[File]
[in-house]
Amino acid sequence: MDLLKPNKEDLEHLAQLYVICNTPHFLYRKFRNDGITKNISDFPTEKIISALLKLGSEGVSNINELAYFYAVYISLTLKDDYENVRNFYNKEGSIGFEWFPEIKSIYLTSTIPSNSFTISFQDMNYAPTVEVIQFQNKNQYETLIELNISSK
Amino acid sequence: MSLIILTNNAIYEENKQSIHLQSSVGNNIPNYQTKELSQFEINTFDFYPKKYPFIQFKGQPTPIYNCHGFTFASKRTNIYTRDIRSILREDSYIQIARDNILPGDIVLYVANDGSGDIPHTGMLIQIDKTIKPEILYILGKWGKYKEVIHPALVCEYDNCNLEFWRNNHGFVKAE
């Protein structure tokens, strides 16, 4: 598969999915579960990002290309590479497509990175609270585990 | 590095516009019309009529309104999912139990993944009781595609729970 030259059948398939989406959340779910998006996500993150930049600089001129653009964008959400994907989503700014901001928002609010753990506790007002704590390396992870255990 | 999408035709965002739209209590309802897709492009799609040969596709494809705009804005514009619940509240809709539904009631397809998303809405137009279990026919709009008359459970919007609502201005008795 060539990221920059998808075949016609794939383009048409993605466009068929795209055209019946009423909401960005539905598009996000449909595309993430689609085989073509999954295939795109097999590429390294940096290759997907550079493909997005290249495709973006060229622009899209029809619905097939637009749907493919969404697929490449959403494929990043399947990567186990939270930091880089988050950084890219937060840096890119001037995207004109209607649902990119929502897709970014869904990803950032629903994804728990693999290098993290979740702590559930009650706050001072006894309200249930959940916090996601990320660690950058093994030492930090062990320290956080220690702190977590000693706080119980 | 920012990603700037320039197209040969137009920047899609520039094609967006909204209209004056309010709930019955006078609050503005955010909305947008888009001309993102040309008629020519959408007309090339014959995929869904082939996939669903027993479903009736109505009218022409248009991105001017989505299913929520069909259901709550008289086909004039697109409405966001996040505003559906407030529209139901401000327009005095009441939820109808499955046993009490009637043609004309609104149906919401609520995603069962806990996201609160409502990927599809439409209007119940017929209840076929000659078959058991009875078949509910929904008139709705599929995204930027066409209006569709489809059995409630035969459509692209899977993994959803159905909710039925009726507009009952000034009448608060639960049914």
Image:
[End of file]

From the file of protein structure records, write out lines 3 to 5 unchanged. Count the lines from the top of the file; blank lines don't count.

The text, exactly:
Amino acid sequence: MSLIILTNNAIYEENKQSIHLQSSVGNNIPNYQTKELSQFEINTFDFYPKKYPFIQFKGQPTPIYNCHGFTFASKRTNIYTRDIRSILREDSYIQIARDNILPGDIVLYVANDGSGDIPHTGMLIQIDKTIKPEILYILGKWGKYKEVIHPALVCEYDNCNLEFWRNNHGFVKAE
């Protein structure tokens, strides 16, 4: 598969999915579960990002290309590479497509990175609270585990 | 590095516009019309009529309104999912139990993944009781595609729970 030259059948398939989406959340779910998006996500993150930049600089001129653009964008959400994907989503700014901001928002609010753990506790007002704590390396992870255990 | 999408035709965002739209209590309802897709492009799609040969596709494809705009804005514009619940509240809709539904009631397809998303809405137009279990026919709009008359459970919007609502201005008795 060539990221920059998808075949016609794939383009048409993605466009068929795209055209019946009423909401960005539905598009996000449909595309993430689609085989073509999954295939795109097999590429390294940096290759997907550079493909997005290249495709973006060229622009899209029809619905097939637009749907493919969404697929490449959403494929990043399947990567186990939270930091880089988050950084890219937060840096890119001037995207004109209607649902990119929502897709970014869904990803950032629903994804728990693999290098993290979740702590559930009650706050001072006894309200249930959940916090996601990320660690950058093994030492930090062990320290956080220690702190977590000693706080119980 | 920012990603700037320039197209040969137009920047899609520039094609967006909204209209004056309010709930019955006078609050503005955010909305947008888009001309993102040309008629020519959408007309090339014959995929869904082939996939669903027993479903009736109505009218022409248009991105001017989505299913929520069909259901709550008289086909004039697109409405966001996040505003559906407030529209139901401000327009005095009441939820109808499955046993009490009637043609004309609104149906919401609520995603069962806990996201609160409502990927599809439409209007119940017929209840076929000659078959058991009875078949509910929904008139709705599929995204930027066409209006569709489809059995409630035969459509692209899977993994959803159905909710039925009726507009009952000034009448608060639960049914």
Image: